Pisgah Inn Owner: "What A Crazy World We Live In"

11:00 PM, Oct 5, 2013   |    comments
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WAYNESVILLE, N.C. -- The clock keeps ticking as billions of dollars are spent, and hundreds of thousands of government employees stay home another day without pay.

But the unwelcome and unpaid vacation might end for the Pentagon's civilian employees.

The Pentagon has 400,000 civilian employees and Defense Secretary Chuck Hagal has ordered "most" of them to come back to work.

READ: Furloughed Pentagon Employees Ordered Back To Work

Furloughed employees might be headed back to work, but National Parks, including stops along the Blue Ridge Parkway, are still closed.

Bruce O'Connell owns the Pisgah Inn in Waynesville. His inn is on federally-owned land and he was told to close his place by Thursday.

He followed orders at first but re-opened his Inn, restaurant, and gift-shop Friday morning only to be shut down by law enforcement two hours later.

READ: NC Innkeeper Defies Shutdown For Two Hours

WFMY News 2's Morgan Hightower spoke to O'Connell by phone on Saturday.

"Just, scream, scream, scream, scream and don't take it anymore," said Bruce O'Connell, owner, Pisgah Inn.

O'Connell decided to re-open his inn on Thursday, despite federal orders to close.

"The rangers appeared at our parking lot entrance ramps, all three of them, rangers parked their cars there, turned on their lights, and started blocking visitors from entering our parking lots," said O'Connell.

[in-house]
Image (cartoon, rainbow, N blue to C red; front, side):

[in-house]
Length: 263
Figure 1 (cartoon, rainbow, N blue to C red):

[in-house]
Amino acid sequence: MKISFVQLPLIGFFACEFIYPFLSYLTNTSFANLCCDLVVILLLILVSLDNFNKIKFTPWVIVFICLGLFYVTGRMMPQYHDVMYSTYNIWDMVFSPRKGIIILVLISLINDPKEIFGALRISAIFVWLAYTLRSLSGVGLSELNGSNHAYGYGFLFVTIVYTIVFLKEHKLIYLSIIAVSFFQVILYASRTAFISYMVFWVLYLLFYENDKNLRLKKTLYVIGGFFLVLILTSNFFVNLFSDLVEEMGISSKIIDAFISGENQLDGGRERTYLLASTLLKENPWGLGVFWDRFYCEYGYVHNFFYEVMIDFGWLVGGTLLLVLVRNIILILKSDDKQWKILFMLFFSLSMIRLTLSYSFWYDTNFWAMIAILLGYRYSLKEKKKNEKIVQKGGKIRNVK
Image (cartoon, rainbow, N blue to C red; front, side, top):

"That was Friday at 12:30 - as we speak now, the Rangers are still there in full force."

He added, "My reaction to it is - what a crazy world we live in."

O'Connell has called his congressional leaders, local sheriff, and the acting superintendent of the Blue Ridge Parkway but they haven't been able to help.

"The reason we are impacted is political expediency period. There is no other answer it's ridiculous. The road is open, we're closed it makes no sense. Period," said O'Connell. 

October is the busiest time of year for the Inn -- and it's booked throughout the month. 

O'Connell says guests with reservations' deposits will be returned and there will be no fees because of this shutdown. 

He says his next step is to call a federal magistrate on Monday to file an injunction against the National Park Service.

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